How to Maximize Your Training With Minimal Equipment: Overhead Press

Learn how to manipulate the weights so that you can get a strength workout no matter what size bells you have available.

A common issue that our online members and fans who train at home is that they just don’t have access to every weight out there. Kettlebells are expensive and many people don’t have more than a few sizes. Then when they try to get a strength workout and that single bell just becomes far too easy.

Today we will cover the overhead presses and how to manipulate the exercise to make sure you can get a full strength workout no matter what.  We previously covered Cleans and Snatches in the first part of the series here.

The first way is to change the basic type of exercise.  All of these exercises can be done with 1arm or 2arms.  From easier to hardest it goes:

  • Jerk > Push Press > Military Press > Seated Press

The difference between the exercise is the amount of power (momentum) as well as how much the rest of the body is able to assist the press.

  • Jerks –  Power exercise with two movements with the legs.  The initial dip and the squat under.
  • Push Press – Only one movement with the legs, but they still assist the movement.
  • Military Press – A pure strength exercise with no leg assistance.  The kettlebell(s) will move slower.
  • Seated Press – Removes any sort of leverage advantage and engagement from the rest of the body.

Each level of difficulty will decrease the reps by about 20-30%.  So if you can do 30 reps of Jerks, you should be able to do about 24 reps of Push Press > about 18 reps of Military Press > 12 reps of Seated Press.

Once you have gone through the four basic exercises and still need to make the exercise harder, you can manipulate how you move the arms.  All of these variations can be done with either the standing Military Press or Seated Press.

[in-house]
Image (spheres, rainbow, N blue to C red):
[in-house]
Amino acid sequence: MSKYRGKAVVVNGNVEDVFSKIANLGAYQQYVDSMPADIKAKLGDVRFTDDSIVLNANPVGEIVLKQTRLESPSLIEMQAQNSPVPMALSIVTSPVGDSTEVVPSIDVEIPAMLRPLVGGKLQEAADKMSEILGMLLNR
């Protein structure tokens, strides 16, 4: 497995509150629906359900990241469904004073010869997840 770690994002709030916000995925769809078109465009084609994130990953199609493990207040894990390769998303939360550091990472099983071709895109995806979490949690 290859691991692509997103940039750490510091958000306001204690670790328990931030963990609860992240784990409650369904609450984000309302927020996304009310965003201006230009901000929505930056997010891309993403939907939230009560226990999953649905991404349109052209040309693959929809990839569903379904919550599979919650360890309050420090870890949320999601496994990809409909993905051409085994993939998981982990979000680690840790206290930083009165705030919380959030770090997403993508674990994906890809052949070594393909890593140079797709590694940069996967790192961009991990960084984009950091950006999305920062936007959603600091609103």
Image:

• Alternate Arm Press – One kettlebell stays in the racked position while the other presses.
  • Walking Alternate Press – This forces significantly more engagement, stabilization, and coordination through the entire body.  As you step forward with one foot you press with the opposite.
  • Overhead Alternate Arm – Instead of holding the racked position, keep the other arm in the overhead position.  This forces even more time under tension.  This can be done either standing or seated too.

Manipulating the Pace

The standard pace is just controlled through the entire movement.  To make it even harder, control the negative for a full 3 count (seconds).  Next is 5 seconds or more.  This further increases the time under tension.  It can also an added layer of difficulty to all the previous variations.

Bottoms-Up Kettlebell

The last variation creates a significantly more unstable position.  This is a great variation for anyone dealing with shoulder issues as it forces more stabilization and control through the entire movement.

  • Arm stacked directly under the bell
  • Neutral wrist
  • Elbow in the side

The hardest possible overhead press would be to combine all the variations.

  • Seated + Overhead Alternate + 5 Count Negative + Bottoms Up

This point of all of this is that no matter what equipment you have available, you can get optimal benefit from it.  Play around with the variations and find the level that allows you get a great strength workout no matter what.

Have any questions?  Let us know in the comments!

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